Cameron’s Dunkirk?

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So at last David Cameron delivered his long awaited speech on Europe. Arguably the most important speech, by a British Prime Minister, since Tony Blair’s speech proposing the case for war in Iraq.
British politics, it seems, has entered the era of the referendum arguably started with the referendum on the voting system in 2011 with a vote on the Scottish Independence and an In/Out vote on the EU. Here in Northern Ireland, we have Sinn Fein calling for a referendum on our position in the UK.

Getting back to Cameron’s speech, it contained a lot of ifs and qualifications on when and how this EU referendum will happen. For one the Conservatives have to win the next general election for the chance to vote on EU membership, this seems to be a political judgement to kill off UKIP who are largely a protest party on the EU. The main element of Cameron’s plan is a renegotiation which will prove to be the toughest challenge he faces as PM. However, the EU model is undergoing massive change with discussions already ongoing about the Eurozone.

This speech however, reflects on the difficult relationship that the Conservative Party has with the EU. It also creates more questions than answers for Tories. Also, it will most likely disappoint a number of Tories as Cameron will most probably campaign to stay in the EU but as he highlighted he wants reform.

The pro and cons of EU membership for the UK is complicated with a number of figures being put out by both sides. It can only be hoped that when the referendum comes along that the electorate will be well informed by both sides on the issue. This speech aimed to calm down the anti European feeling and avert a row within the Tory party, however, it has only delayed it and more than likely the proposed referendum will cause more damage than heal any wounds.

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  • aquifer

    Awfully decent of him to throw the Irish Republic an economic lifeline at this time. Inward investors won’t understand David’s need to box off the UK Independence Party or his uberbrit bankbenchers, and may now think to locate in the English speaking part of the Eurozone.

  • http://redfellow.blogspot.com Malcolm Redfellow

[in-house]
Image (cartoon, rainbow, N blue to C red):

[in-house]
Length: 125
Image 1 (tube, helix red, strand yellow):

Even at the minimum level of “ask”, Cameron is looking to revise EU treaties (else he’s cat’s meat for the Europhobes in his backbencher). Which would trigger referenda in some four EU nations, including Ireland. Oh, happy days!

    Now factor in that nothing can happen until that hypothetical 2015 Tory landslide, along with the electoral cycles of the other EU nations. Then comes the sheer hellish difficulty of getting all 27 little ducks, all patrolling their own separate pond, lined up for a single shot — Lisbon took some seven years, and three (four, if one counts the Czech president having his arms twisted) national rejections, to codify.

    And all this is going to happen in time for a 2017-18 UK referendum? Yer ‘avin’ a laff!

    The insanity of all this was, for me, marked when watching BBC World News, as marketed in Germany. The discussion of Cameron’s suicide note was between a senior figure in German stock-markets (lucid, thoughtful) and the ineffable Stuart Wheeler. The essence of Wheeler’s main argument seemed to involve plucking out of the thinnest of air the figure of £150 billion a year as the cost of UK membership, and neatly finesse this to pay off the UK deficit — “at a stroke”, as the expression once went.

  • Tomas Gorman

    “Cameron is looking to revise EU treaties”

    I suspect that this is the heart of the matter. This isn”t really about Britain’s membership of the EU but rather its obligations to EU rights based legislation.

  • http://redfellow.blogspot.com Malcolm Redfellow